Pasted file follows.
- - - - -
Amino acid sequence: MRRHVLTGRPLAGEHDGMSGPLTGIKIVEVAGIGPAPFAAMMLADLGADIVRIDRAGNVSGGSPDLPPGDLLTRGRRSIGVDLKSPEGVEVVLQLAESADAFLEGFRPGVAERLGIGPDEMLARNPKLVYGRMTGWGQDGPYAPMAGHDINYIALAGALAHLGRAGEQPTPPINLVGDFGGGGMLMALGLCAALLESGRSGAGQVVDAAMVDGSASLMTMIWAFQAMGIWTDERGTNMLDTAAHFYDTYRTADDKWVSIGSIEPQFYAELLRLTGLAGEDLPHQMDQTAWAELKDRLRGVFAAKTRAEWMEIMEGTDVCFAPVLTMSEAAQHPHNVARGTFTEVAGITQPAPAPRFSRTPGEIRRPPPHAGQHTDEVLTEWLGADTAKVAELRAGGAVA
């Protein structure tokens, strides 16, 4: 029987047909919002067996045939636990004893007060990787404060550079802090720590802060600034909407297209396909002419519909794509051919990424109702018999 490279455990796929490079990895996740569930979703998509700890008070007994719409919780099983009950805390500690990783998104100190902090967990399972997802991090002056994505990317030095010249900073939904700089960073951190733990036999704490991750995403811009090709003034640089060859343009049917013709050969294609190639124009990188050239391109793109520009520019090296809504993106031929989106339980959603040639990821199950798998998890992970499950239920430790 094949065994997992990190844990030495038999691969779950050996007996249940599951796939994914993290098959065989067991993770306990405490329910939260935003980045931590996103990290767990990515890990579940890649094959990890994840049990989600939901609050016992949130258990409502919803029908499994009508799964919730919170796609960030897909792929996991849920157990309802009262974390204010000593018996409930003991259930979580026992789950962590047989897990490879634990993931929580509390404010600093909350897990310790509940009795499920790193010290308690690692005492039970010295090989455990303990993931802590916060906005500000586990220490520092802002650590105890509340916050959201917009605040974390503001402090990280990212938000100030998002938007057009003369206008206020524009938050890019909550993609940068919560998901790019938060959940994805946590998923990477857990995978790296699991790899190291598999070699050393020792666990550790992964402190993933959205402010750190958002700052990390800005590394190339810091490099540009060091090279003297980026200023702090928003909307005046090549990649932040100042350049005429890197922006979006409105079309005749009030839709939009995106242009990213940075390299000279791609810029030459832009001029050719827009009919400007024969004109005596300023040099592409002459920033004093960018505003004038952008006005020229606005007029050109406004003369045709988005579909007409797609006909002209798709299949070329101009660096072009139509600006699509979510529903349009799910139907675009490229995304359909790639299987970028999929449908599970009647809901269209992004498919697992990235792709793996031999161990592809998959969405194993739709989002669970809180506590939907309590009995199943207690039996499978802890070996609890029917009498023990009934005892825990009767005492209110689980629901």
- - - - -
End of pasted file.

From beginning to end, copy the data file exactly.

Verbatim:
Amino acid sequence: MRRHVLTGRPLAGEHDGMSGPLTGIKIVEVAGIGPAPFAAMMLADLGADIVRIDRAGNVSGGSPDLPPGDLLTRGRRSIGVDLKSPEGVEVVLQLAESADAFLEGFRPGVAERLGIGPDEMLARNPKLVYGRMTGWGQDGPYAPMAGHDINYIALAGALAHLGRAGEQPTPPINLVGDFGGGGMLMALGLCAALLESGRSGAGQVVDAAMVDGSASLMTMIWAFQAMGIWTDERGTNMLDTAAHFYDTYRTADDKWVSIGSIEPQFYAELLRLTGLAGEDLPHQMDQTAWAELKDRLRGVFAAKTRAEWMEIMEGTDVCFAPVLTMSEAAQHPHNVARGTFTEVAGITQPAPAPRFSRTPGEIRRPPPHAGQHTDEVLTEWLGADTAKVAELRAGGAVA
């Protein structure tokens, strides 16, 4: 029987047909919002067996045939636990004893007060990787404060550079802090720590802060600034909407297209396909002419519909794509051919990424109702018999 490279455990796929490079990895996740569930979703998509700890008070007994719409919780099983009950805390500690990783998104100190902090967990399972997802991090002056994505990317030095010249900073939904700089960073951190733990036999704490991750995403811009090709003034640089060859343009049917013709050969294609190639124009990188050239391109793109520009520019090296809504993106031929989106339980959603040639990821199950798998998890992970499950239920430790 094949065994997992990190844990030495038999691969779950050996007996249940599951796939994914993290098959065989067991993770306990405490329910939260935003980045931590996103990290767990990515890990579940890649094959990890994840049990989600939901609050016992949130258990409502919803029908499994009508799964919730919170796609960030897909792929996991849920157990309802009262974390204010000593018996409930003991259930979580026992789950962590047989897990490879634990993931929580509390404010600093909350897990310790509940009795499920790193010290308690690692005492039970010295090989455990303990993931802590916060906005500000586990220490520092802002650590105890509340916050959201917009605040974390503001402090990280990212938000100030998002938007057009003369206008206020524009938050890019909550993609940068919560998901790019938060959940994805946590998923990477857990995978790296699991790899190291598999070699050393020792666990550790992964402190993933959205402010750190958002700052990390800005590394190339810091490099540009060091090279003297980026200023702090928003909307005046090549990649932040100042350049005429890197922006979006409105079309005749009030839709939009995106242009990213940075390299000279791609810029030459832009001029050719827009009919400007024969004109005596300023040099592409002459920033004093960018505003004038952008006005020229606005007029050109406004003369045709988005579909007409797609006909002209798709299949070329101009660096072009139509600006699509979510529903349009799910139907675009490229995304359909790639299987970028999929449908599970009647809901269209992004498919697992990235792709793996031999161990592809998959969405194993739709989002669970809180506590939907309590009995199943207690039996499978802890070996609890029917009498023990009934005892825990009767005492209110689980629901």